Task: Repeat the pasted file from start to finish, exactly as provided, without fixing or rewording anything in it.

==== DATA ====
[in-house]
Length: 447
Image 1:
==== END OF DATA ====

[in-house]
Length: 447
Image 1: